his final, glorious kingdom move toward consummation. We are asking
that world events, and the progress of missions, would move quickly
toward the time when all those who are left on earth would do the will
of God the way the angels do it in heaven.

If these three petitions become the lodestar in the constellation of
our prayers, all other requests will have their proper place. These three
will shine in and through them all, so that every request, even for daily
bread, is really a concrete way of asking that God’s name and will and
kingdom take the supreme place in our hearts and in history.


In the modern, developed world, our minds are permeated with superficial
entertainment. Coming to God in prayer with reverence and awe is
not natural. Feeling the utter seriousness of the fight for joy in God is foreign
to us. We need help. William Law suggests that we regularly use some
fixed form such as the following when we come to God with requests.

O Savior of the world, God of God, Light of Light, Thou that art The
Brightness of Thy Father’s glory, and the express Image of his person;
Thou that art the Alpha and Omega, the Beginning and End of all
things; Thou that hast destroyed the power of the devil, that hast
overcome death; Thou that art entered into the Holy of Holies, that
sittest at the right hand of the Father, that art high above all thrones
and principalities, that makest intercession for all the world; Thou
that art the judge of the quick and the dead; Thou that wilt speedily
come down in Thy Father’s glory to reward all men according to their
works, be Thou my light and my peace, etc.17

The point of such a formal beginning to prayer—which is full of
descriptions of Jesus—Law says, is that these descriptions “are not only
proper acts of adoration, but will, if they are repeated with attention,
fill our hearts with the highest fervors of true devotion.”18

It may be that some of you are naturally inclined and able to tell the
Lord Jesus how great and wonderful he is as you begin your prayers. But
most of us are prone to bluster into the throne room of heaven—as into
a hardware store with a broken piece of plumbing—rather than with
joyful wonder that we are admitted here only by the blood of Christ and
that we come to the greatest Being in the universe. Therefore, it is helpful
that some “fixed form”—at least from time to time—remind us that
adoration is a fitting approach.

The other form that William Law suggests as a beginning to our plea
for help is the following—as a way of wakening our hope of being heard
with mercy.

O Holy Jesus, Son of the most high God, Thou that wert scourged at
a pillar, stretched and nailed upon a cross for the sins of the world,
unite me to Thy cross, and fill my soul with Thy holy, humble, and
suffering spirit. O Fountain of Mercy, Thou that didst save the thief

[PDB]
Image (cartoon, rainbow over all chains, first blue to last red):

upon the cross, save me from the guilt of a sinful life; Thou that didst
cast seven devils out of Mary Magdalene, cast out of my heart all evil
thoughts and wicked tempers. O Giver of Life, Thou that didst raise
Lazarus from the dead, raise up my soul from the death and darkness
of sin. Thou that didst give to Thy Apostles power over unclean spirits,
give me power over mine own heart. Thou that didst appear unto
Thy disciples when the doors were shut, do Thou appear to me in the
secret apartment of my heart. Thou that didst cleanse the lepers, heal
the sick, and give sight to the blind, cleanse my heart, heal the disorders
of my soul, and fill me with heavenly light.19

The point here is that often when we come to pray, our minds are
filled with ordinary earthly things and the potential and power of what
the world can do for us, if we try harder. The poet William Wordsworth
describes our unfitness for Nature’s gifts the way I would describe our
unfitness for God’s gifts as we come to pray.

The world is too much with us; late and soon,
Getting and spending, we lay waste our powers;
Little we see in Nature that is ours;
We have given our hearts away, a sordid boon

We do not naturally or easily shift from the mind-set of “getting and
spending” into a mind-set that sees Jesus as more desirable than the
“sordid boon” of this world. We need—at least sometimes—“something
fixed” to remind us, from Christ’s own life and death, that surely he will
hear our cries for help and become our all-satisfying treasure.21

When we look at the “sordid boon” that the world offers, the fight
for joy is to see that it will not satisfy. Prayer is an essential strategy in
seeing the world this way. We must ask God “without ceasing” that our
eyes be open to the insufficiency of worldly pleasures, even the innocent
ones. And we must plead that the taste buds of our souls be ever alive
to the beauty of Christ.


Two additional strategies in the fight for faith can intensify the earnestness
of this kind of praying. The first is fasting. I won’t say much here,
because I have written an entire book on fasting called A Hunger for
God: Desiring God Through Fasting and Prayer.22 But the essence of
fasting is so relevant in the fight for joy, I should at least mention it. Jesus
said, “When you fast, anoint your head and wash your face, that your
fasting may not be seen by others but by your Father who is in secret.
And your Father who sees in secret will reward you” (Matt. 6:17-18).
The reward is ultimately God himself. Therefore fasting is an expression
of hunger for God.

In another place Jesus referred to himself as a bridegroom and his
disciples as the wedding guests and said, “Can the wedding guests
mourn as long as the bridegroom is with them? The days will come
when the bridegroom is taken away from them, and then they will fast”
(Matt. 9:15). We live in the days when the Bridegroom has been taken
away (between the first and second coming of Christ). The meaning of
fasting in these days is that we long to have the Bridegroom back.